The Classic Diner has always intended its name to be a little tongue-in-cheek. Most diners, after all, do not encourage customers to customize their eggs benedict order with a layer of ahi tuna. A similarly upscale culinary approach informs all of the "diner's" menu items, elevating roadside mainstays to the level of an upscale restaurant's choicest dishes. Apple sausage and turkey-pepper hash accompany eggs done any way, from scrambled to drizzled directly into an open mouth. Omelets arrive stuffed with a smorgasbord of fresh veggies. Fried jalapeños can be easily stacked atop char-grilled Angus burgers. Lunch, served until 3 p.m., ventures outside of the diner definition with parmesan-crusted chicken with saffron risotto and sautéed steak tips in a red-wine demi-glace.
Ruby's Diner has dedicated more than 25 years to dishing up mouthwatering menus of all-American grilled goodies, served in an old-fashioned atmosphere replete with a highly trained staff and lightning-fast service. Fix fangs into a third of a pound of all-natural USDA Choice beef from grass-fed, hormone-free cows with the hickory burger, bursting with thick-cut hickory-smoked bacon, steak-cut onion rings, melted cheddar, and tangy barbecue sauce ($9.99). A refillable bounty of Ruby's famous fries accompanies all burgers and sandwiches and boasts zero trans-fats, and those willing to dish out an extra dollar and an exaggerated pronunciation of the word "spicy" can opt to spicy up frisky frites with garlic, Cajun, and parmesan-blue spices.
Ralphie B's dishes up a dinner menu brimming with homestyle cooking crafted from many locally sourced ingredients. Answer an appetite's growled demands with a slap from a baked Virginia-style ham slathered in pineapple sauce ($10.95), or let a 12-ounce roast-prime-rib of beef-au-jus muffle hunger beneath a heap of sides—a vegetable, potato, and choice of soup or salad ($17.95). The veal Leonardo bursts with sautéed onions, mushrooms, and rocket-powered peppers ($16.95), and the fried seafood combo sports a collection of jumbo shrimp, scallops, fillet of flounder, and crab cake pulled from Poseidon's own exotic fish tank ($16.99).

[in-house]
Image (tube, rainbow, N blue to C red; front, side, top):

Diners at Formosa Asian Cuisine certainly can't complain about a lack of choices: more than 100 pad thai, fried rice, and curry dishes fill the menu, which is organized into beef, chicken, pork, and seafood categories. Quite a few of the dishes turn up the heat—the Dragon & Phoenix tosses jumbo shrimp and general tso's chicken in chili sauce—and others deliver crispy textures, such as the deep-fried duck. Diners savor these meals and sip BYOB beverages in a dining room replete with tasteful touches from pale-pink seating and blond-wood accents to linen napkins folded to eerily resemble your favorite Beatle.
Made-to-order deli sandwiches, cheesesteaks, and hoagies filled with homemade tuna salad or first-cut corned beef anchor the menu at Not Just Sandwiches. But, as the name implies, there's more to the restaurant than meats and breads. Each day, cooks prepare homemade pastas, seafood, and soups as well as selections from a full breakfast menu, all of which are served in a cozy dining area. They cater as well, supplying get-togethers with steaming trays of chicken parmesan, meatballs in a homemade marinara sauce, and garlic mashed potatoes that can feed up to 30 people or appease the monsters in your basement for one more night.